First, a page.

Canna Leaf Roller – Identification and Control
Q: I have cannas that have large red flowers in summer. There are bugs that live in the leaves and secrete a substance that sticks the leaves together, thus preventing them from opening properly as they grow. Any idea what it might be and how to get rid of them?
A: You have canna leaf rollers, specifically the lesser canna leaf roller. The creatures you see are the larvae of a moth that lays her eggs on the canna leaves. When the pests hatch, they stitch the edges of the young leaves together, making a perfect hiding place. Keep an eye on the leaves as they unfurl and pull them apart.
If you find the grub inside, flip it onto a surface nearby where a bird can get a snack. If you have too many plants to watch individually, spray the interior of the leaves as they unroll with Bacillus thuringiensis (click for sources).
Make a note to remove all foliage after the first frost this fall since the last generation of the leaf roller overwinters in the dead leaves.
These is another type of canna leaf roller: the larger canna leaf roller. The two can be distinguished by the amount of frass (caterpillar droppings) in the leaf. The lesser canna leaf roller makes lots of frass but the larger canna leaf roller keeps a clean house inside the leaf.
Lesser Canna Leaf Roller
FURTHER NOTES (GOOD NEWS!):
“I heard you say this winter to a radio caller that you thought that Bayer Advanced Tree and Shrub Insect Control could possibly control canna leaf roller.
“I offer proof that it can.
“I attend meetings at a building that has a little plot of cannas. Last year they were just all eat up with leaf rollers. Every week I’d be there early just to unstitch the leaves and expose the bugs inside. They didn’t clean out nor renew the mulch as you also suggest in helping control the little buggers.
“So about the first to middle of March, before the cannas had started to poke their heads up, I treated the area with the Bayer Advanced Tree and Shrub Insect Control.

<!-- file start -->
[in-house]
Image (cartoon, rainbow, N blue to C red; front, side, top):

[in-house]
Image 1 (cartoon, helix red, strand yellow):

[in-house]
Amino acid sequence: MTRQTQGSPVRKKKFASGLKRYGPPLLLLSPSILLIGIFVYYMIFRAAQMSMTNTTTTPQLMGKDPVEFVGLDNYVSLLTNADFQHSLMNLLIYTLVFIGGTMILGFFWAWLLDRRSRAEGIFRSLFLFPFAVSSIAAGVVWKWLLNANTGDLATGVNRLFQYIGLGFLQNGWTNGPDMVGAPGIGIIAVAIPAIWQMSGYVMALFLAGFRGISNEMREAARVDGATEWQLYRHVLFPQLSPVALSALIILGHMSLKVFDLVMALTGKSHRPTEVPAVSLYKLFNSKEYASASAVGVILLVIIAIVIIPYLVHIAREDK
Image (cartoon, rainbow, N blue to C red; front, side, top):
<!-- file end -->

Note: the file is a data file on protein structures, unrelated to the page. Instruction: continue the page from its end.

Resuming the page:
“It’s been interesting to watch as the cannas emerged that the top of first leafs were severely eaten away. But after that, all subsequent leaves have been healthy and fully deployed. I guess something the critters ate didn’t agree with them.
EVEN FURTHER NOTES (BAD NEWS)
I personally followed Patrick’s chemical advice on a canna bed this year. His observance that the leaves looked good at first was true for me. But as the summer wore on, leaf rollers attacked.
In a recent conversation with Patrick, he said the same had happened to him.
BUT MAYBE SOME GOOD NEWS
Canna Cultivar Trial by Dr Kris Braman in Griffin
Twenty-two cultivars of canna lilies, Canna x generalis, were evaluated for potential resistance to the lesser canna lily leafroller, Geshna cannalis, and the Japanese beetle, Popillia japonica. Both of these pests cause defoliation of the plants resulting in reduced plant fitness and aesthetic injury. Cultivars sustaining the most damage by leafrollers were ‘Richard Wallace’, ‘Firebird’, and ‘Black Knight’. While Japanese beetle injury varied, cultivars most consistently damaged by beetles were ‘Lenape’, ‘Scarlet Wave’, ‘Dawn Pink’, and ‘Crimson Beauty’. While all plants sustained at least some injury, cultivars that consistently had the least amount of damage by leafrollers were ‘Maudie Malcolm’, ‘Striped Beauty’, and ‘Journey’s End’. ‘Maudie Malcolm’ and ‘Striped Beauty’ were similarly avoided by Japanese beetles, while ‘Journey’s End’ sustained moderate injury from this pest. Tall cultivars with red or orange flowers and some red in their foliage were especially vulnerable to infestation by the lesser canna leafroller.
THE BEST THING YOU CAN DO IS TO CLIP STEMS AT GROUND LEVEL AND DESTROY ALL DEBRIS EACH WINTER.
lesser canna leaf roller damage